Jim Miller's steep drop from upper-echelon UFC contender to barely a top-10 lightweight has been shockingly fast and unexpected.
At UFC on Fox 3, the New Jersey native capped off a 1-2 stint with a second-round submission loss to Nate Diaz.
"Nate controlled the fight from bell to bell," Miller said at the post-fight press conference. "He controlled the momentum and never let me get any significant shots in there. He fought a beautiful fight and had my number."
Miller, who was finished for the first time in his career, was riding a seven-fight win streak around this time last year, but his title hopes were ruined by a decision loss to current UFC lightweight champion Benson Henderson.
He later rebounded with a first-round submission victory over Melvin Guillard.
With the loss to Diaz, Miller finds himself at a crossroads in his career. He'll either have to make the necessary adjustments to improve his overall game and get over the hump, or he could contemplate dropping to the featherweight division.
Here's what we learned about Miller on Saturday night.
The term gatekeeper is often construed as cold, but it could become relevant in Miller's case.
Champions and contenders all have that extra bit of flair that puts them over the top.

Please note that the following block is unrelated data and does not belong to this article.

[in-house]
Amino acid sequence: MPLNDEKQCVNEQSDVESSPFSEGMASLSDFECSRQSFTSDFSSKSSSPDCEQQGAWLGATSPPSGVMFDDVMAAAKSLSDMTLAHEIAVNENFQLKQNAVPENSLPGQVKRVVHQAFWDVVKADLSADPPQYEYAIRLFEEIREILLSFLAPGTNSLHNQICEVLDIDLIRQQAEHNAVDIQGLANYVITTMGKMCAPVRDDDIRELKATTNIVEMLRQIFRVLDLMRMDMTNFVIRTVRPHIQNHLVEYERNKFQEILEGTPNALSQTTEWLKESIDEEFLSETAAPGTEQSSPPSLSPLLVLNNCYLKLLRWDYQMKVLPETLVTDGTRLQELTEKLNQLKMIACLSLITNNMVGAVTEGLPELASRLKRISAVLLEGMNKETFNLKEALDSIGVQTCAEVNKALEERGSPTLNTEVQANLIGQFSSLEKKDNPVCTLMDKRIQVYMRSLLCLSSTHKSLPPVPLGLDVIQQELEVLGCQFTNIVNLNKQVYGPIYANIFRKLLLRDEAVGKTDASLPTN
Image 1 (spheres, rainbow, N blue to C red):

While Miller is undoubtedly deserving of his top-10 placement, he lacks certain qualities that are present in guys like Henderson, Frankie Edgar, Gray Maynard and Nate Diaz.
As of now, he has become the official gatekeeper of the lightweight division. Miller will now be one of the guys fighters must beat to climb into upper-echelon contention.
When a fighter is called a world-class grappler, people tend to forget that there are various levels of grappling.
Miller is a high-level Brazilian Jiu-Jitsu artist, and naturally, people assumed his wrestling was up to par with his submission skills.
While Miller is a good wrestler, he pales in comparison to the upper-echelon wrestlers of the lightweight division. Outside of Diaz, Miller's only losses have come to world class wrestlers in Henderson, Edgar and Maynard.
Miller has made some nice improvements in his standup, but his striking remains the weakest part of his overall game.
Fortunately, he isn't being outpointed by bums.
Diaz is arguably the best boxer at 155 pounds, and Henderson showcased his high-level striking in his decision win over Edgar.
If Miller manages to clean up his striking, it could open up more opportunities for him to set up takedowns.
Diaz had a fairly significant reach advantage against Miller, but he typically holds that advantage over just about every fighter at 155-pounds.
Still, Miller has been the smaller guy in just about every one of his fights at lightweight.
A drop to featherweight is something Miller and his camp should definitely consider.
At 145 pounds, Miller would finally be the larger fighter, which could really play into his top-heavy fighting style.
As if anyone needs to be reminded, Miller has one of the biggest hearts in the sport.
Unfortunately, a big heart just isn't enough sometimes.
Miller has to make some serious adjustments to his game if he ever hopes to compete for a UFC title.
Even if he decides to drop to featherweight, things won't get any easier with Jose Aldo, Chad Mendes and Hatsu Hioki.
Miller has to go back to the drawing board and really refine his skill set.